- By definition, source code is the form of software, which is easiest to modify. The actual executable is created from it by an automatic build process, which may include compilation and linking. If you modify a complicated piece of software, you want to make sure that your modifications broke nothing. To do this efficiently, you need test cases.
- If your modifications are not generally useful, owners of secret test cases won’t test your modifications. The same applies if you were forced to fork the software package in question.
- RMS didn’t require this so far. RMS’ printer driver problem can be solved without test cases. This has not been a requirement so far.
- Some test cases may embody proprietary software usage scenarios, and releasing them to the world, as required by GPL, would reveal too much of the company’s trade secrets.
- When you add your modifications to a GPLed software package, users with secret test scenarios will test your modifications, if they are useful for them. If your modifications break the software, they will fix them and you’ll get back their fixes thanks to the GPL.
At any case, there is a case for strong recommendation that test cases be constructed for GPLed software, and that they be released together with it and under the same license (GPL or LGPL).
Lambda the Ultimate points at an article titled The GNU 64-bit PL8 compiler. I was shocked to discover that as early as 20 years ago, IBM has been writing microcode for their computers using high level languages.
Closing the Gap, part 1 talks about the function of proactive sales in a small ISV.
Closing the Gap, Part 2 describes an alternative to hiring a sales guy.
Both parts elaborate on closing the gap between your product and a prospective customer.
Part 2 also has links to further reading about the subject.
Those parts and several other articles by Eric Sink are worth the time spent reading them.
The data structures in Scheme (and for that matter, also in Lisp) can be used to model different realities. Functional programming corresponds to closed systems, which evolute in time without interaction with their surroundings beyond initial conditions and harvesting of computation results. Imperative programming corresponds to open systems, which interact with their surroundings and their state contains a record of such interactions which occurred in the past.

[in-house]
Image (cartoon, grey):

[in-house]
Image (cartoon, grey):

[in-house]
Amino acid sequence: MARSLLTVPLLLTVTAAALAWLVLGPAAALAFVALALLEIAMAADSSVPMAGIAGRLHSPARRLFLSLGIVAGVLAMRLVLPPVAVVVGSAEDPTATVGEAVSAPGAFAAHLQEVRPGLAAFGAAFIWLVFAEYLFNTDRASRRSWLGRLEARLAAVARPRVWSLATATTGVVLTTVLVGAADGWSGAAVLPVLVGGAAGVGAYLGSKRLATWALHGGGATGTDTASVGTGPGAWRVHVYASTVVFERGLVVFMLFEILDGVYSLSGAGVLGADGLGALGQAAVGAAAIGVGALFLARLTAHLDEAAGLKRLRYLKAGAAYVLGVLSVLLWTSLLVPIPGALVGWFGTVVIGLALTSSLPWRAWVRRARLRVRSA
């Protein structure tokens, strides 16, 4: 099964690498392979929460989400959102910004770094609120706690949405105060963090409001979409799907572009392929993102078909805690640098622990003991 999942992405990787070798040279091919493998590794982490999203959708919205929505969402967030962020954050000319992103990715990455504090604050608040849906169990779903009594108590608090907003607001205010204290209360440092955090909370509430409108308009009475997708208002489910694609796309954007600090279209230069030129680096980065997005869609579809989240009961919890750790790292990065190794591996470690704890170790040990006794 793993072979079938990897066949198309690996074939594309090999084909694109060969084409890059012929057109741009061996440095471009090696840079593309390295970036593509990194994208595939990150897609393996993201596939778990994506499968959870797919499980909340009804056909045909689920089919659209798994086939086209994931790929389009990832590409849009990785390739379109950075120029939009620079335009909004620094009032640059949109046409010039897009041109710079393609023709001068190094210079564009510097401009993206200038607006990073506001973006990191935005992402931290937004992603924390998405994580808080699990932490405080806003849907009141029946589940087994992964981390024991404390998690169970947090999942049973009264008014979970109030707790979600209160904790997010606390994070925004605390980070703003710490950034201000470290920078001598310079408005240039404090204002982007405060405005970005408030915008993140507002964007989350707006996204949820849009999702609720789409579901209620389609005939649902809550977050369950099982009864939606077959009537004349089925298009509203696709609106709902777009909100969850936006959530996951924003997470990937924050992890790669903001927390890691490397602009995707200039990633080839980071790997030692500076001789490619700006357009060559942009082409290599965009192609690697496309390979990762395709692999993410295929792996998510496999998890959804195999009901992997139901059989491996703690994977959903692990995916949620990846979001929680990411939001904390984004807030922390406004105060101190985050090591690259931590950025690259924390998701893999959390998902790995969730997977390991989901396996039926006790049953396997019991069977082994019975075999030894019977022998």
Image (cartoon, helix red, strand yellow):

So I am wondering whether additional models of reality can be investigated by means of Scheme. Such as open systems, which hold memory of both past and future events.
In my Google search, I found only the following:
SCMUTILS Reference Manual, which is referred to by Christopher Browne’s Web Pages. However SCMUTILS is not what I am looking for.
Source of inspiration: chapter 3 of the SICP 2nd edition.
I am prototyping a keyword search based application.
For easy programming, I use Python.
For easy GUI design, I chose glade.
So I have to use PyGTK.
The application is not demanding in terms of innovative technology or software versions, so I use a PC with RedHat 8.0.
However, I ran into a snag:
I wanted to use the gtk.TreeRowReference binding to refer to rows of a listbox, which I want to delete.
However, it turns out that the Python bindings of GTK didn’t cover 100% of the GTK’s API. One of the missing APIs is… gtk.TreeRowReference, which was added only to PyGTK 2.4.
The PyGTK version which came with RedHat 8.0 is 1.99.12.
I worked around the problem by using paths. Since paths (unlike references) become invalid if rows are inserted/deleted into the listbox before the row referred to, I had to delete the rows in reverse order – from the end to the beginning.
I promise to myself that next time I install Linux from fresh, I’ll use Debian. Then I’ll be able to solve the problem by upgrading packages until I get PyGTK 2.4 and the appropriate versions of packages upon which it depends.
Joel on Software recommends Mike Gunderloy’s book Coder to Developer.
There are additional rave reviews.
I am still in middle of Richard Dawkins’ A Devil’s Chaplain (about evolution theory, religion, etc.).
How do other people cope with 20 excellent books waiting to be read, especially if they have family obligations?
If you have free time to learn something new for the sake of learning rather than for grades, diploma, degree or qualification:
Red Rock Eater News Service – http://polaris.gseis.ucla.edu/pagre/rre.html
This is mostly about social and political aspects of computing and networking.
Troubleshooters.com(R) – http://www.troubleshooters.com/troubleshooters.htm
If you, like everyone, need to troubleshoot something such as a malfunctioning car or a mysterious software bug, read what this Web site has to say about being more productive troubleshooter.
Perfecting the art of building embedded systems – http://www.ganssle.com/
For those fortunate to have a career developing software for embedded systems.
Several articles have relevance also for people, who do not do embedded development.